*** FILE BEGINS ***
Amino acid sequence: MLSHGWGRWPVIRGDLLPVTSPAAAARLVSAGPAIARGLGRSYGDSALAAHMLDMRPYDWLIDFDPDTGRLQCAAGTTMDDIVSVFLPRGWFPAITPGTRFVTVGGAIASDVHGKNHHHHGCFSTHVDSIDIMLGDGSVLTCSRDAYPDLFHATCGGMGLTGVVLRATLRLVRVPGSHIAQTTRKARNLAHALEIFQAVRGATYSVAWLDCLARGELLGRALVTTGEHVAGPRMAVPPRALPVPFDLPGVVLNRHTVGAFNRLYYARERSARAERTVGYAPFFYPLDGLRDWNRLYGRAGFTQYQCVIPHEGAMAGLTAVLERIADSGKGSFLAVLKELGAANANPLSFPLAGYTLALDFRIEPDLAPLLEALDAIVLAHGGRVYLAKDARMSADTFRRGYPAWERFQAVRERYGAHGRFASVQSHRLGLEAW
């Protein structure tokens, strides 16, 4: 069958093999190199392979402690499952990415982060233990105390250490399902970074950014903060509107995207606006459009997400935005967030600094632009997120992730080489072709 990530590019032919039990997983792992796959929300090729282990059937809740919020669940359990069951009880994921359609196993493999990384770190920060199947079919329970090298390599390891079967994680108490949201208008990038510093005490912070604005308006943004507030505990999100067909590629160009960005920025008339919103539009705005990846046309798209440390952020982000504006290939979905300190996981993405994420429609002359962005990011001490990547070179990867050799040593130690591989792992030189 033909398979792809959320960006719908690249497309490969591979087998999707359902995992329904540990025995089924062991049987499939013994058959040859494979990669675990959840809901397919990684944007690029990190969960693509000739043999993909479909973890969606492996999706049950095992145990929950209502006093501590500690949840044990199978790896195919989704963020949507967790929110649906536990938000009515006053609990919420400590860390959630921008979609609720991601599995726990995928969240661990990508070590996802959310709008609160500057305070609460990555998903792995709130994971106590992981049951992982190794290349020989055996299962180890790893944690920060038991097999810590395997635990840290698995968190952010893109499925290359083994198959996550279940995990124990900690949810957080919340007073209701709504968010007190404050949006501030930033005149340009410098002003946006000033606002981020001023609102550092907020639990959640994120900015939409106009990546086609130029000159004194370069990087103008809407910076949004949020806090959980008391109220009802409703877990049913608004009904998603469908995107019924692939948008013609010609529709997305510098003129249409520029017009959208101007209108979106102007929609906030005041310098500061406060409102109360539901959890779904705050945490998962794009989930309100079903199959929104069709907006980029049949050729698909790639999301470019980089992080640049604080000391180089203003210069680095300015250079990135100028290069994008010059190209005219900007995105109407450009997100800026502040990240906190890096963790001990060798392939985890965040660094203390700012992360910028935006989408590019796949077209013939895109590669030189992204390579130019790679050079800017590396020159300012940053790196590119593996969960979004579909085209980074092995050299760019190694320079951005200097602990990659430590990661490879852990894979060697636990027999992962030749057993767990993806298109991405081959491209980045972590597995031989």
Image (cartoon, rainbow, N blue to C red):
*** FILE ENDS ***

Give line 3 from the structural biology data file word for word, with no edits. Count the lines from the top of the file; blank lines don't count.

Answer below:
Image (cartoon, rainbow, N blue to C red):